by Ann H. Gabhart
“I will go to my grave in a state of abject endless fascination that we all have the capacity to become emotionally involved with a personality that doesn’t exist.” (Berkeley Breathed)
As a writer I have become emotionally involved with many characters that only came into existence because I imagined them and set them down on a story trail. As I chase after them, I sometimes only see to the next turn and can’t wait to find out what my people may or may not do when they round the story curve and face whatever challenges await them. To make them believable, I must know my story people like family. Only then will I be able to share their life adventures.
I start out coloring in some basics about each character’s appearance. Eye color. Hair color. How tall. What age. Oh, and the right name. It has to fit the person, the setting and the era. Those facts are necessary, but just as important are what my people dream and want and whether they will overcome the difficulties that stand in the way of those objectives. I must know them so well I can imagine their response to all kinds of situations from something as trivial as not having their favorite tea for breakfast to something far from trivial like a friend’s betrayal or a loved one’s death.
Since most of my books are historical fiction, I have to keep my people true to their era in not only how they dress and their occupations, but also how they think. What is acceptable thinking now might be far from acceptable in the past.
In the process of populating my current release, River to Redemption, I had to keep all that in mind for not only my viewpoint characters but also for my secondary characters and even those who only had walk-on appearances in the story. An extra challenge for this book is that my story centers on the actions of an actual person during the cholera epidemic of 1833. While all my other characters are from my imagination, Louis was a slave who once walked the streets of the little Kentucky town of Springfield. But because I uncovered only a smattering of information about him during my research, I had to bring him to life by imagining what he might have been like from those few clues I found in Springfield’s history.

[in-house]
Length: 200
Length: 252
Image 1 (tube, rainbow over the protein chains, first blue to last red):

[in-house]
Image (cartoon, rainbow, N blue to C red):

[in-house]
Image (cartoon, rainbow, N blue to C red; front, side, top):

I want my characters to leap off the page and become real in the reader’s mind so that they will not only “see” my story people but care about them as well. I hope they will wonder about what happens to them after the end of the book. That’s what I want from the books I read for pleasure–to become emotionally involved with the characters and live the story. Great characters make reading and writing fiction fun.How to create great characters to make reading and writing fiction fun? @AnnHGabhart #ACFWBlogs #writing #amwriting Click To Tweet
Ann H. Gabhart has over thirty novels to her credit, including her Shaker series, historical novels and mystery (as A.H. Gabhart). She has three children and nine grandchildren and enjoys country life in Kentucky. Visit www.annhgabhart.com to find out more about Ann and her new release, River to Redemption.